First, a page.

Stars shine on a super night for local sport
IRELAND's economic recession clearly hasn't filtered down into the world of sport, judging by the fantastic array of talent at Saturday's 2012 Fingal Independent/ Clarion Hotel Dublin Airport Sport Star of the Year Awards. Sixteen monthly winners and wildcard entrants were honoured at the glittering black-tie dinner, before the excitement intensified as the packed audience waited to hear the destiny of the evening's four main prizes.
Given the often hectic lives of modern-day sportsmen and women, it was remarkable that all 16 recipients - representing 11 different sports - were able to attend the sumptuous bash, brilliantly compered as ever by RTE sports presenter Michael Lyster.
For many of the winners this was their first time on the big stage and a cherished opportunity to showcase their sport and rub shoulders with the more established stars. Double medal-winning Paralympian Catherine Walsh was declared the overall Fingal Independent Sport Star of the Year, taekwondo and athletics champion Anne-Marie Torsney won the Young Sport Star accolade and soccer manager and former League of Ireland player Liam Kelly entered the Hall of Fame.
However, first up to the podium was a man hoping to become established with the Dublin footballers, namely January winner Micheal McCarthy, who took the 2012 O'Byrne Cup by storm, scoring nine points in two games. He was hoping to make his mark on the same competition this year, but this time with DCU who faced Carlow the following day, while the importance of club commitments wasn't lost on Micheal. 'Things are going great with St Sylvester's too. We took our first big step last year by getting to the quarter-final of the championship which we hadn't been in for 15 years, so we'll be hoping to keep that going.'
Skerries RFC's rise to the All Ireland League was acknowledged in February as their young winger Kevin McGrath was honoured after ending 2011/12 as their leading try scorer in his debut season. 'Getting back to senior rugby was huge for the club and well due, and the highlight for me was probably the last match against Monivea when I got the try for the winning score and it got the club up which was brilliant.
'The plan is just to go on from there and try and get promoted again.' Fingal hurler Peter Daly expressed the hope that the county could tap into the increased interest in hurling around the capital generated by Dublin's rise to prominence in the small-ball game.
'Hurling in Dublin is after coming on hugely and although last year was a bit of a mixture in terms of wins and losses, they were there or thereabouts in every game and it's only a matter of time before they make the next step. 'Fingal will be going all guns blazing to win the league and we're hoping to be back in the Nicky Rackard this year. There's a couple of things going on behind the scenes [to make it happen] and hopefully it will come off because everyone wants to play in the championship.'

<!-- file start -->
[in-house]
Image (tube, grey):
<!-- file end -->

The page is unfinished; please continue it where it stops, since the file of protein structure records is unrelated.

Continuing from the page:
First of the five lady winners on stage was 14-year-old Chloe Gray who won her first national boxing title just months after stepping into the ring for the first time and aims to make a successful defence in 2013. Michael Lyster was floored by a couple of her jab-like short, sharp answers, especially when she declared to great amusement: 'It's the best sport. Everybody in Balbriggan boxes at some time!' After the MC established that she meant only in the ring, the inevitable question was put to Chloe - could she be another Katie Taylor in years to come? 'I don't know about that - hopefully,' she replied. ' She is very inspirational, not just for boxing but for other sports.'
May winner Kevin O'Brien was keeping his feet firmly on the ground for 2013 after captaining the Dubs to an All-Ireland U-21 triumph and then breaking into the senior panel, now managed by Jim Gavin. 'It was a great year,' he acknowledged, 'but you don't look back until you retire and I want to push on and develop as a footballer. 'It's exciting times for Dublin GAA. There's a lot of young players coming through and a very good squad whenever Jim Gavin names it, and so I'm hoping to impress in the league and then hopefully get a chance in the summer.'
One of the highlights of the DVD montage of sporting achievements shown on the night was the on-board footage of road racer Andy Farrell, giving the audience a flavour of motorcycling at its most exciting - and dangerous. The courage of the Skerries man was evident as he had a serious crash in the Ulster Grand Prix - and then returned from injury to win the Irish Championship in his first race back in the saddle. 'It was a bit of a big off in the Ulster GP. I broke my collarbone, but I came back and won at Killalane and put all the demons behind me and that was the highlight,' he said. 'It does faze you and make you think [after a big accident], but it's in the blood and you can't get away from it.'
Last but not least of our four winners from Gaelic games was St Sylvester's lady footballer Nicole Owens as her goals steered Dublin's B team to an Aisling McGing All-Ireland triumph against Kerry, before she broke into the Dublin senior team. She rearranged a flight home from Spain - where she is on a gap year from college - to be at the awards night. 'Life's a lot different in Spain,' she acknowledged. 'There's no football there and I haven't played for three months, having not stopped playing since I was six. 'But I think Dublin are starting an Under-21 team and I'd love to have an opportunity to play there within my age group.'